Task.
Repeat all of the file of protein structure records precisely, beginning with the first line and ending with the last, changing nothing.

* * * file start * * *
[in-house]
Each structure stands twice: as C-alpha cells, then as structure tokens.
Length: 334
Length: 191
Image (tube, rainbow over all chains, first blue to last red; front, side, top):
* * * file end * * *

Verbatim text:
[in-house]
Each structure stands twice: as C-alpha cells, then as structure tokens.
Length: 334
Length: 191
Image (tube, rainbow over all chains, first blue to last red; front, side, top):